Year Released: 2013
MPAA Rating: Unrated
Running Time: 99 minutes
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Art imitates life imitates art, and both are real if you deem them so. And so it goes…
James Bird’s poignant new film, Eat Spirit Eat, is the story of Oliver, and his lifelong goal to help the father who abandoned him (a failed actor named Dwight Snow) recapture his dreams, and return to his son. To make his very ambitious quest a reality, Oliver enlists the aid of his fellow orphans from their old foster home. United, they all set out to make a memorable movie, and cast Dwight in the lead. The only problem is that Oliver has absolutely no filmmaking experience…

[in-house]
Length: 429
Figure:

Eat Spirit Eat is so much more than the dramatic comedy it proclaims. It’s a highly intelligent, well-crafted marvel that brilliantly deconstructs the art of filmmaking to its core. Not surprisingly, the movie begins with its ending, much like its clever title, and the film and the life within its structure, pretty much write themselves.
Bird (who also portrays Bernie Oxhart in the film) is an inventive director who not only creates the magic glue that binds his film together, but he also compels us to believe so wholeheartedly in his cinematic illusion, that we eventually see its truth.
As for any flaws in James Bird’s movie, I sought as many as I could, and found not even one.
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Posted on September 3, 2013 in Reviews by Amy R. Handler
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